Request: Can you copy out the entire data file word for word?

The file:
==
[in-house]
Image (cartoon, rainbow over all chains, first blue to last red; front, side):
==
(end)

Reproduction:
[in-house]
Image (cartoon, rainbow over all chains, first blue to last red; front, side):